We’ve had an easterly airflow across Scotland this week. As a birder, I’d rather have had that a month ago, in migration season, but the weather seldom does what you want. Now we do have the easterlies they have brought unremittingly cold, grey weather to Aberdeenshire. I don’t think we’ve seen the sun at all this week and every morning has been damp and misty.
Mist hanging over the resreve
It was cold enough for frost on only one morning in the week.
But the rest of the time it’s been pretty wet. The forecast said “light rain” and, fair enough, we have had light rain. Unfortunately, this has been interspersed with heavy rain and the entire office reeks of drying waterproofs and chainsaw gear from working in the rain (actually, chainsaw gear is about the best of the lot – you’re in amongst wood so much, it pretty much just smells woody and resinous). We were taking down trees that had snapped or died near paths recently and, thanks to Simon and Daryl, are well through this winter job now.
Taking down dead tree
When it’s as grey as it’s been, the reserve doesn’t look at it’s best. Oh, it still has a sombre winter beauty, but it’s not as eye-catching as on a sunny day. So you start finding small beauties, in the water on a spider’s web or a leaf.
Oak leaf with raindrops
The wildlife can’t take cover all the time, no matter how bad the weather is. But many creatures will have a snug hollow or sheltered spot they can hole up in. This wren popped out of a log pile looking remarkably dry, given it had been teeming down all morning.
The log pile also seemed to be home to the biggest damn rat I’ve ever seen in my life! We know we get brown rats on the reserve -you see their footprints on the mink rats, find droppings and occasionally see them laminated on the road. But I could count on one hand the number of times I’ve seen a live rat on the reserve…and even then, it’s only been a glimpse. This big one evidently didn’t spot me, and spent a good while looking out of the log pile, much like a gentleman of leisure surveying his estate. Introduced to the UK sometime between the mid 1500s and early 1700s, brown rats like this one are native to Asia. But they’re smart, adaptable, omnivorous and prolific breeders, and have largely displaced the native black rat.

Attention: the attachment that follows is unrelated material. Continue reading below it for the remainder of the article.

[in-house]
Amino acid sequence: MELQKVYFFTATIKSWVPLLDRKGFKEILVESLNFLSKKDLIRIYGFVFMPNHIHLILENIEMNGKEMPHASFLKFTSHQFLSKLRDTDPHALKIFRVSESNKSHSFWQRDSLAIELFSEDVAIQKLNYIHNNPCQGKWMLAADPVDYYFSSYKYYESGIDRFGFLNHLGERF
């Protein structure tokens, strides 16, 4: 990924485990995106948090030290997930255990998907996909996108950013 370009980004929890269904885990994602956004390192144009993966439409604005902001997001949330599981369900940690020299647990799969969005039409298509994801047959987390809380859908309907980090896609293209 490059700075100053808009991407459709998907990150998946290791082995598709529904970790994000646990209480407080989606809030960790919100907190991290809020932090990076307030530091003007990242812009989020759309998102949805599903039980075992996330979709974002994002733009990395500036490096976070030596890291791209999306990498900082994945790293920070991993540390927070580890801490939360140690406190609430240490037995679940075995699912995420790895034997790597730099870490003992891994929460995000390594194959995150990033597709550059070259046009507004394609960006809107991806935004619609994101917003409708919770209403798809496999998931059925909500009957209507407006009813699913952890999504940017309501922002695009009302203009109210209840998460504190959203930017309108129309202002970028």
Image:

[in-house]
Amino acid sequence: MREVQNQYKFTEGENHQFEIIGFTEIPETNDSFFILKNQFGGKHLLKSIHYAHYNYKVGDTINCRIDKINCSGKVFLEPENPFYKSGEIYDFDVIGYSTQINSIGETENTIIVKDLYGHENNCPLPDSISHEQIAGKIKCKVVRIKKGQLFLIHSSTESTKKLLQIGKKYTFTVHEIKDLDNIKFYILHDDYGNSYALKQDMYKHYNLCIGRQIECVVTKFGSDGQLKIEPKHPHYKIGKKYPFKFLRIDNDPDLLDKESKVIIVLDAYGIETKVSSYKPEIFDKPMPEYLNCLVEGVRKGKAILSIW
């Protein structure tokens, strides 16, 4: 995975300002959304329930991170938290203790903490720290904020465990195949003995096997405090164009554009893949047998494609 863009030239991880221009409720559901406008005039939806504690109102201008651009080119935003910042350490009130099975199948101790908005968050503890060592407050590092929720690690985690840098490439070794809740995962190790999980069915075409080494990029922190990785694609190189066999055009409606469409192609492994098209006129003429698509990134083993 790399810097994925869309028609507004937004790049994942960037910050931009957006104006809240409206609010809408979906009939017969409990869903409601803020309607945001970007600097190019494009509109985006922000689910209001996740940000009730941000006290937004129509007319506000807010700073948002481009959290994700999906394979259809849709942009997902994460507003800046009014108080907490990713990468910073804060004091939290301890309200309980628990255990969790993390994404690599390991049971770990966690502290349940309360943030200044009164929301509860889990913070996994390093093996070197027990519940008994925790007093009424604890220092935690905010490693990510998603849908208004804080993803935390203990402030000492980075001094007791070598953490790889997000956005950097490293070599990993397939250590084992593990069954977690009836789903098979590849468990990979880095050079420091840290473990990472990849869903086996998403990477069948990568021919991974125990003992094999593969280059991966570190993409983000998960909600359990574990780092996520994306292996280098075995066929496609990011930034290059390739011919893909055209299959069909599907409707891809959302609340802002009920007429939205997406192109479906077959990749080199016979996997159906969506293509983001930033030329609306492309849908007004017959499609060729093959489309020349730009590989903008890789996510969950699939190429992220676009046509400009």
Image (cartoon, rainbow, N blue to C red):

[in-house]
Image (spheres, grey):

For some reason, rats are far more reviled than mice and don’t tend to appear in much children’s fiction (unlike Mickey, Reepicheep, and various Beatrix Potter characters, though I suppose Muppet Rizzo gets a look in)…the main legends associated with them are the slightly sinister rat king stories. Personally, I think an intelligent and social animal like a rat is probably worth a few more positive stories than they get. Yes, they carry disease, breed too much and can cause environmental damage… but it could be argued that humanity does that, too.
The damp weather this week seems to have provoked a minor flush of late fungi to grow. These are easily killed off by frost but it’s just been the odd morning that’s been below freezing. Quite a few false chanterelle seemed to have popped up.
Today, (Friday) was one of the national goose count days. These are done across the country by dozens of people (largely volunteers) who all count “grey geese” -pinkfoot or greylag- on the same day. This allows the populations to be estimated in the UK in any given year. Normally, you’re well compensated for the stupidly early start ….the sound of the geese, the first rosy flush of dawn in the sky, the anticipation of the morning flight. And I’ve had some magical mornings goose counting… but this wasn’t one of them. It was dark, cold, lashing down and the geese had chosen to spend the night elsewhere. Dawn was at best slow, colourless and reluctant, I could hardly hear for the rain banging off my waterproofs, my binoculars were useless with water and I got out of my bed before 5am to count 19 poxy geese, mutter, grumble, mutter…. but even that is one of the (somewhat dubious) charms of wildlife. If it was too easy and we saw these things all the time, we wouldn’t value them. So, even in the rain….get out there!
A grey gooseless dawn over Loch Davan